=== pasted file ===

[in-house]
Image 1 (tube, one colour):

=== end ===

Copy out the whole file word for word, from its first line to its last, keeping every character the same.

[in-house]
Image 1 (tube, one colour):